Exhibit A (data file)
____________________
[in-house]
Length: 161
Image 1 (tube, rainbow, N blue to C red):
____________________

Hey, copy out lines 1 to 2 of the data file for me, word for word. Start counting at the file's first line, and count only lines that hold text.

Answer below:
[in-house]
Length: 161